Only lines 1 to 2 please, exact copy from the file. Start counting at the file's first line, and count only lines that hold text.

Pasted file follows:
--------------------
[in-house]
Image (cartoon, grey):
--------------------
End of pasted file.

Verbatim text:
[in-house]
Image (cartoon, grey):